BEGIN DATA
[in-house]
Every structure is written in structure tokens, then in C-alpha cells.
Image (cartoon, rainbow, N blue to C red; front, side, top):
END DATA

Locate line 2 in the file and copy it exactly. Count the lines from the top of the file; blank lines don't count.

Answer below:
Every structure is written in structure tokens, then in C-alpha cells.